US declassifies surveillance order amid snooping debate
The Obama administration on Wednesday declassified a court order authorizing collection of millions of US phone records, even as it faced new disclosures about the reach of its secret electronic surveillance programs.
Under mounting pressure from lawmakers, Deputy Attorney General James Cole said the newly declassified order spells out how the government can use the call data obtained from telecom giants like Verizon.
"The terms under which the government may access or use the records is covered by (a) detailed court order that the DNI declassified and released today," Cole told senators.
That primary order "provides that the government can search the data only if it has reasonable articulable suspicion that the telephone number being searched is associated with certain terrorist organizations."
The move to confront growing public and congressional opposition to the secret programs came as the administration faced new disclosures from Edward Snowden, the former intelligence contractor at the heart of the controversy.
The latest documents obtained by him and published by the British daily the Guardian revealed the existence of a secret surveillance system known as XKeyscore that allows US intelligence to monitor "nearly everything a typical user does on the Internet."
The Guardian said the hitherto secret program was the most wide-reaching operated by the National Security Agency.
XKeyscore's existence proved the truth of Snowden's earlier claim, denied by some US officials, that before he quit the NSA he could "wiretap anyone, from you or your accountant, to a federal judge or even the president, if I had a personal email," it said.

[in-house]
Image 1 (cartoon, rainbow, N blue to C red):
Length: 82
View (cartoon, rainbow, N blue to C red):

Snowden, who is now stranded in the transit area of a Moscow airport, fled the country after downloading NSA files that have made for one bombshell disclosure after another.
Since he disclosed the vast scale of the electronic surveillance operations in June, public sentiment in the US has shifted against them.
At a hearing before the Senate Judiciary Committee, Cole and US intelligence officers defended the data gathering program as necessary to maintain national security,
But the panel's chairman, Senator Patrick Leahy, sharply questioned the usefulness of the information gathered.
"If this program is not effective, it must end. And so far, I am not convinced by what I have seen" Leahy said.
Officials said the data gathered from the program has contributed to the disruption of 54 terror threats or events, including 13 on US soil.
Deputy FBI director Sean Joyce insisted that the telephone data program, authorized by the Patriot Act that came into law shortly after the 9/11 attacks of 2011, has played a crucial role in "closing the gaps and seams" of intelligence gathering.
"We must have the dots to connect the dots," Joyce said.
Leahy was not buying it, saying there would always be more "dots" to collect and analyze. "The government is already collecting data on millions of innocent Americans on a daily basis, based on a secret legal interpretation of a statute that does not on its face appear to authorize this type of bulk collection," Leahy said.
"What will be next? And when is enough, enough?"
During the occasionally tense hearing, the counsel for the Director of National Intelligence said the White House has willing to consider changes to the how the secret program is conducted and publicized.
"We are open to re-evaluating this program in ways that perhaps can provide greater confidence and public trust," said DNI general counsel Robert Litt.
Leahy appeared to welcome the approach, adding that "there are going to be some proposals to changes in law."
But his Democratic colleage Dianne Feinstein, chair of the powerful Senate Intelligence Committee, warned against efforts that would severely hamstring US phone or Internet data collection operations.
"We would place this nation in jeopardy if we eliminate these programs," she said.